Composers On Vacation

Check out the nice post on the WUOL website about Composers on Vacation, starting with a wonderful description by Edward Elgar about the Italian sojourn that inspired his symphonic poem In The South:

“Then in a flash, it all came to me – streams, flowers, hills; the distant snow mountains in one direction and the blue Mediterranean in the other; the conflict of the armies on that very spot long ago, where I now stood – the contrast of the ruin and the shepherd – and then, all of a sudden, I came back to reality. In that time I had composed the overture – the rest was merely writing it down.”

Many years ago on NPR’s Performance Today we developed an entire [summertime, natch] series around the topic, called Postcards from Composers.  Amazingly, a few are still available online, included Dvorak’s reminiscences about his summer in Spillville, Iowa

The three months spent here in Spillville will be a happy memory for the rest of our lives.  We enjoyed being here and were very happy….though we found the three months of heat rather trying!  But it was made up for us by being among our own people…our Czech countrymen.  And that caused us great joy.  If it had not been for that, we would not have come at all.

Postcard from Composers: Antonin Dvorak

…and Gustav Mahler’s yearning to get away from the bustle of Paris, in the grip of the 1900 World’s Fair, and head to the Austrian woods:

“The summer for me has been so glorious, I feel I am really and truly braced for the coming winter.  If I can keep this up in the future, managing to get mental and physical rest in summer, then I shall always be able to lead…a human sort of life.”

 

Postcards from Composers: Gustav Mahler

And, closer to home, New Hampshire native Amy Beach‘s inspirations from the bird songs she heard during her summers at the MacDowell Colony, the artists’ retreat in Peterborough, NH:

“In projecting our very selves onto paper, or canvas, or clay, we literally have to lose our life….in order to save it in the shape of any tangible result of our labors.  And to accomplish this at its highest and noblest, one thing above all is needed:  Silence….and solitude.”

 

Postcard from Composers: Amy Beach

This is one of the pieces Beach wrote at the Colony: “The Hermit Thrush at Morn:”

 

 

 

 

 

Frühbeck the Magician…

My first introduction to the work of the legendary Spanish conductor, Rafael Frühbeck de Burgos (1933-2014) was a scratchy old recording of Carmina Burana – which was, and remains, one of the great interpretations of the Carl Orff megahit.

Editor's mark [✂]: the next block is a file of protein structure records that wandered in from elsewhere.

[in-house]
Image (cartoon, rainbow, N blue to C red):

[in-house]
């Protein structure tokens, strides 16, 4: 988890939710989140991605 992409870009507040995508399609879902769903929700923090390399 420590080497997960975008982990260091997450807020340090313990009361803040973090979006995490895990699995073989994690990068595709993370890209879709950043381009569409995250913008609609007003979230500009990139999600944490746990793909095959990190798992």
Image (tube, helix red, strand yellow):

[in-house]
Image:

CarminaBurana

The Original 1966 release of Carmina Burana from Fruhbeck de Burgos and the New Philharmonia Orchestra

Coming back to Boston decades later, I quickly came to understand – and even witness first hand – the special relationship between Frühbeck and the Boston Symphony Orchestra. He guest-conducted the orchestra at both Symphony Hall and at Tanglewood every year from 2000 until just last November, and his performances tended to be Big Momentous Events – like conducting the Mahler Symphony No. 2 on Tanglewood’s Opening Night in 2002, opening the Symphony Hall season with the Verdi Requiem that same year, last summer’s All-Tchaikovsky Opening Night at Tanglewood with violinist Joshua Bell.  But if I had to pick the most memorable performance of his during my time overseeing the BSO broadcasts, it would have to be his utterly idiomatic and captivating concert performance of Manuel De Falla’s La Vida Breve, with an outstanding mostly-Spanish cast that even included cantaor (Spanish folk singer) Pedro Sanz; flamenco guitarist Antonio Reyes, and the show-stopping flamenco dancer Núria Pomares Rojas

Nuria Pomares Rojas

Flamenco dancer Nuria Pomares Rojas

Oh, and on the first half of the program?  The Suite Española by Isaac Albeniz, a piece that was originally a suite for solo piano that Frühbeck himself orchestrated half a century ago!  And to top it off, the next night he was back on the podium to close out the Tanglewood season with the traditional performance of Beethoven’s 9th.

Part of the Frühbeck de Burgos mystique with the BSO was the fact that he apparently held the record for the longest stint BETWEEN appearances with the orchestra:  He made one brief guest appearance with the orchestra in 1971, and wasn’t on the podium again until almost 30 years later!  But what a difference a few decades make: legend has it that at the traditional end-of-season poll of the BSO players at Tanglewood, Frühbeck received the highest rating ever of guest conductors after his “return engagement” in 2000.  No wonder he was asked back every year after that!

Unfortunately, no video of Frühbeck to share with the BSO, but plenty of audio, including last summer’s Tanglewood Opening Night performance with Joshua Bell, as well as another gem: the following night’s reading of Mahler’s epic Symphony No. 3, with Anne-Sofie von Otter as the shimmering soprano soloist, the PALS Children’s Chorus joining the Tanglewood Festival Chorus, and BSO Principal Trumpet Thomas Rolfs “pulling out the old Posthorn” for an incredible sound on a sweltering summer night.

And thanks to YouTube, you can see a clip of Núria Pomares Rojas together with Frühbeck and the Mariinsky Orchestra in the 2nd act flamenco from La Vida Breve.  

And there’s lots of terrific video evidence of Frühbeck’s work with the Danish Radio Symphony Orchestra, where he was chief conductor for the past two and a half seasons….including his own arrangement of Granada from the Suite Espanola

RIP, Frühbeck.

Mahler and “Truthiness”

mahlercolbert

From biography.com comes this missive on Mahler and Truthiness – “An uncanny face off between the fake news anchor and the 19th-century composer.

 

 
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